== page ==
👎🏼   Cons:
  • Options could prove overwhelming.

Platforms supported: Windows, Mac

Cost: Free tier available. Paid options depend on business requirements.

3. Asana

If you’re working on a project on your own, it’s easy to keep tabs on how far along with it you are and who is responsible for moving it through to completion. But how about if it’s a collaborative effort? That can make things a bit tougher.

Asana, a group collaboration software task board, helps solve that problem. It allows users to create multiple columns and shuttle card-based tasks between them to visualize the workflow progression. Along with attaching files and links to cards, you can also leave notes, tag different team members, add subtasks, and more. It’s a great, easy way of making sure everyone is on the same page when it comes to completing a particular project.

👍🏼   Pros:
  • Makes visualizing a project’s workflow from start to finish easy. You’ll never again be confused about how far along a project is, who is currently responsible for it, where the roadblocks are, and more.
  • Heavily customizable depending on the needs of the team. You can change the names and number of columns (representing stages of the project) to fit whatever suits your team.
  • Straightforward drag-and-drop interface. Easy to learn, but surprisingly deep when it comes to features.
  • Tools like status updates and progress reports help you quickly and easily check to find out if a certain project is on target for completion when required.
👎🏼   Cons:
  • Boards that have a large number of cards and complicated workflows in play can get a bit messy (although it’s still workable).
  • While there’s no storage limit for the number of files you can upload, individual files may only be 100MB in size. If you’re working in a field like design, where files may be considerably larger than that, you’ll probably need to rely on external storage solutions like the next one on our list. (Don’t worry, though: You can still link to these files in Asana.)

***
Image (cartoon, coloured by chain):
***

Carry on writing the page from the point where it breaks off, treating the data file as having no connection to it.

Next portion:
Platforms supported: Windows, Mac, Android, iOS

Cost: Free tier available. Paid options depend on business size and your admin needs. Pricing starts at $10.99 per month when paid annually.

4. Google Drive

Google Drive is just one of the cloud storage solutions out there (also consider the likes of Dropbox, IDrive, pCloud, and others), but it’s a very good one. Anyone who works in a graphics-intensive business knows that files can get pretty darn big.

Google’s cloud storage offers a generous 15GB of free storage, while users can upgrade to 30TB through paid plans. Google Drive provides you with all real-time syncing, strong encryption, offline working features and more that you would hope for from a top cloud storage solution. As you would hope, it works seamlessly with Google’s other services, whether that’s Gmail or Google Docs.

👍🏼   Pros:
  • Generous amount of free storage.
  • Works great with other Google services that you may already rely on.